Yesterday’s third game of four between the Kansas City Royals and Toronto Blue Jays came with some compellingly unique question marks attached. Neither starter had more than seven innings of MLB play under his belt prior to today’s game, so fans of either team really didn’t know what to expect.
Aaron Brooks was called up yesterday for his first start in the major leagues. Brooks was known in Omaha for throwing strikes, but his only chance at big-league playing time before today yielded eight runs for the Detroit Tigers in just two innings of relief. The Royals and fans everywhere hoped today would bring a better performance from the young right-hander, but their hopes were sadly all for naught.
A rattled Brooks couldn’t get command any of his pitches today, resulting in a seven-run first inning from which he never escaped. Toronto set a franchise record for consecutive batters to reach base to start a game with eight.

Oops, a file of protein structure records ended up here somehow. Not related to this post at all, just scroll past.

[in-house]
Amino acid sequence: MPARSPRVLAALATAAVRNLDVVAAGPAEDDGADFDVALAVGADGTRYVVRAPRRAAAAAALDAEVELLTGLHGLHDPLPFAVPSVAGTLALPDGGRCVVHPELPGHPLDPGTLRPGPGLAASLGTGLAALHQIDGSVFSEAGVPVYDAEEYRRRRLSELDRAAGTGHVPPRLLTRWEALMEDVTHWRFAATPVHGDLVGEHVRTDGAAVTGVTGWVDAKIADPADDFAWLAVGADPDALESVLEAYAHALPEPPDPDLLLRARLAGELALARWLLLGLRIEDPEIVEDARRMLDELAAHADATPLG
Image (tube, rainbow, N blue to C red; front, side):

Much like Royals starter Brooks, Marcus Stroman was called up from his club’s AAA affiliate before today’s game. Despite being 5-foot-9 and only spending limited time at Duke as a full-time pitcher, this talented right-handed 2012 draftee is ranked second on Toronto’s list of top prospects for this season. This 23 year-old has enjoyed success in 2014 as a minor league starter posting a 3.03 ERA in seven starts and 35 2/3rds innings as a Buffalo Bison.
Brooks’ scouting report proved accurate today as he limited KC to just one run today, fanning out six and not allowing a walk in six solid innings. He may be ready for a longer stint in the rotation, but Royals fans are left waiting and hoping for good health from the rest of the pitching staff. Clearly, the options for a fill-in starter at this point are far from ideal.
Stroman, on the other hand, looks like he could be legitimate very soon. This isn’t good news for KC, either, since Toronto could easily be a team fighting with the Royals for a Wild Card spot by season’s end. KC once again needs an emotionally uplifting win or wins soon just to keep morale from flat-lining.